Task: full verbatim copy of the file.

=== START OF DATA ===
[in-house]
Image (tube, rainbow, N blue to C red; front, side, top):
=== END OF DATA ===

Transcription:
[in-house]
Image (tube, rainbow, N blue to C red; front, side, top):